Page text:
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US Weapons Industry ‘Making a Killing Off of Killing’ as Military Goads Iran Into Conflict

© REUTERS / Tom BrennerU.S. Secretary of State Mike Pompeo speaks about airstrikes by the U.S. military in Iraq and Syria, at the Mar-a-Lago resort in Palm Beach, Florida, U.S., December 29, 2019
U.S. Secretary of State Mike Pompeo speaks about airstrikes by the U.S. military in Iraq and Syria, at the Mar-a-Lago resort in Palm Beach, Florida, U.S., December 29, 2019 - Sputnik International
The US carried out “precision defensive strikes” in Iraq and Syria after a US defense contractor was killed Friday near Kirkuk, Iraq. While Washington appears content to continue fueling the weapons industry, Code Pink’s Ariel Gold told Sputnik the US is “playing with fire” instead of focusing on de-escalation.

Gold, the national co-director of anti-war group Code Pink, joined Radio Sputnik’s By Any Means Necessary to discuss the US military’s deadly strikes on a total of five Kata’ib Hezbollah facilities on Sunday following the Friday killing of a US defense contractor and the potential fallout for the region.

“I think the real question here is: what are US military contractors doing in the Middle East?” she questioned. “And we can’t help but remember that if they weren’t there, they wouldn’t be hit.” 

As a result, she explained to hosts Sean Blackmon and Jacquie Luqman, the US is now in a position of heightened tensions with Iran, which recently condemned Washington’s so-called “defensive strikes” against Iraqi forces as “direct evidence of US terrorism.”


The Iraqi Popular Mobilization Forces, or Hashd al-Shaabi, issued a statement on Monday which estimated at least 25 individuals were killed and another 51 injured as a result of the US drone strikes. The umbrella organization covers a wide array of militia groups formed in 2014 to fight back against the steadily expanding empire of Daesh, which dominated large portions of Iraq and Syria until it was pushed out of Iraq completely by the end of 2017 with the help of Iranian and, to a lesser extent, US forces.

The US has long claimed the militias operate as “proxies” under Iranian control.

US Secretary of State Mike Pompeo asserted to the American public on Monday that the strikes were carried out because the US “will not stand for the Islamic Republic of Iran to take actions that put American men and women in jeopardy.”

“We will — we will always honor that commitment to take decisive action when that takes place,” he said in an address issued from US President Donald Trump’s Mar-a-Lago resort in Palm Beach, Florida. “And we continue to demand that the Islamic Republic of Iran act in a way that is consistent with what I laid out, back in May of 2018, for what it is that we expect Iran to do so that it can rejoin the community of nations.”

The demands referenced by Pompeo have been slammed by organizations ranging from the Islamic Revolutionary Guard Corps to the European Union and were laid out shortly after the US left the Joint Comprehensive Plan of Action on May 8, 2018.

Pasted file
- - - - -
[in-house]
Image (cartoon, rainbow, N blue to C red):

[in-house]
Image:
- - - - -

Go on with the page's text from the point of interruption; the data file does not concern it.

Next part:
Gold pointed out that despite Trump campaigning on pulling the US out of “endless wars,” he is clearly beholden to the defense industry, and through actions such as the recent drone strikes in Iraq and Syria and sanctions imposed on Iran, the US is emboldening the same groups they label “terrorists” in the Middle East. 

“We are causing more suffering - the first layer of suffering being the direct effect of the brutal, brutal US sanctions, and the second layer being that we are emboldening the most repressive, hardline factions in Iran, giving them legitimacy and … providing means for them to be even more repressive.” 

She went on to highlight that even though medicine, which is not subject to US sanctions because it technically falls under the “humanitarian” label regarding trade, the “overreaching” and complex nature of the sanctions makes other countries around the world “terrified to do any business with Iran - including selling medicine.” 

Sanctions targeting other areas, such as civilian technologies like internet infrastructure, provide clear examples of how Washington’s policies can backfire. Gold explained that due to the sanctions in the tech field, the government of Iran was able to place the majority of the country on a strictly domestic internet service. 

“So when the … brutal, recent protests in Iran broke out and Iran responded with a brutal and horrific crackdown - that included blacking out the internet - they were able to do so because of that change in [the] combination of international and domestic technology to domestic only,” she said. “We are providing them with the tools to make suffering even more severe.”

“I think we can’t avoid looking at who profits from this. Who profits from bombs versus diplomacy?” Gold asked rhetorically. “It’s the weapons industry, which is literally making a killing off of killing.”

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